The United Nations Educational, Scientific and Cultural Organization (UNESCO) has declared March 14 as the International Day of Mathematics (IDM) to pay tribute to late Iranian mathematician Maryam Mirzakhani and some other female scientists.

According to the UNESCO official website in mid-September through a proposal, prepared by the International Mathematical Union, UNESCO proclaimed the IDM, to be celebrated on 14 March every year.

The day is observed on March 14 (3/14 in the month/day format) since 3, 1, and 4 are the first three significant digits of ? (pi number).

The day will recognize the importance of successful female role models in science, including Mirzakhani, Hypatia of Alexandria [Hellenistic Neoplatonist philosopher, astronomer, and mathematician who died in 415 AD], Emmy Noether [a German mathematician who made important contributions to abstract algebra and theoretical physics 1882-1935], Sophie Germain [a French mathematician, physicist, and philosopher 1776-1831] and Mary Winston Jackson [an African American mathematician and aerospace engineer 1921-2005].

Mathematical sciences play an important role in the understanding of major societal and planetary challenges such as climate change, reversing biodiversity loss, counteracting sea level rise, and forecasting population growth worldwide and associated food needs, in addition to playing a fundamental role in the achievement of the 2030 Agenda for Sustainable Development goals.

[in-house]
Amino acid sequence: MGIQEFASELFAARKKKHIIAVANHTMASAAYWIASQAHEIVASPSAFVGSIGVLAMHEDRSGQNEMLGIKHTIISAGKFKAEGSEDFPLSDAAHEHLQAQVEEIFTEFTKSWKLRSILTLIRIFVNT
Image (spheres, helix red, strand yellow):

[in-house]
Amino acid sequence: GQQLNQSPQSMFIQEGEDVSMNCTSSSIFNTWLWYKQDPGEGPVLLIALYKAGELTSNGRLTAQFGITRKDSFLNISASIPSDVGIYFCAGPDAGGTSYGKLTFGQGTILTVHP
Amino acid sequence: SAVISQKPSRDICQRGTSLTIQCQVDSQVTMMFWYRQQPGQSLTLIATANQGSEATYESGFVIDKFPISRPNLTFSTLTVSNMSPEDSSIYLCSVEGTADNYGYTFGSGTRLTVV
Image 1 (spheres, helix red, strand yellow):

The international day of mathematics aims to build new bridges between science, society and nature for sustainable development, and forge new links between researchers, citizens, senior officials, industry leaders and non-governmental organizations.

In addition, aiming at raising the profile of women in science, particularly in the field of mathematics, through the promotion of the legacy of notable female mathematicians, triggers interest among girls to pursue careers in science, technology, engineering and mathematics (STEM), where they are very much in the minority.

** Mirzakhani a math genius **

Mirzakhani, was an Iranian genius mathematician and the first-ever female winner of the prestigious Fields Medal prize who died of breast cancer on July 14, 2017.

The two times gold medal winner in the International Mathematical Olympiad received her Bachelor of Science in mathematics from Iran’s Sharif University of Technology in 1999 and earned a PhD degree in mathematics from Harvard University in 2004.

From 2004 to 2008 the 40-year-old mathematician was a Clay Mathematics Institute Research Fellow and an assistant professor at Princeton University. She was also a professor at Stanford University. Her honors include the 2009 Blumenthal Award for the Advancement of Research in Pure Mathematics and the 2013 Satter Prize of the American Mathematical Society.

Source:Tehrantimes